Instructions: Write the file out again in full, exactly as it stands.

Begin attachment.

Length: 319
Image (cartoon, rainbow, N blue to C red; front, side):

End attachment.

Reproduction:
Length: 319
Image (cartoon, rainbow, N blue to C red; front, side):